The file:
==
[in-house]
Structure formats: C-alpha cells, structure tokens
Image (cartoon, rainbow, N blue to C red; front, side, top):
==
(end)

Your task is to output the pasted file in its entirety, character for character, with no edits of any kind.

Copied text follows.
[in-house]
Structure formats: C-alpha cells, structure tokens
Image (cartoon, rainbow, N blue to C red; front, side, top):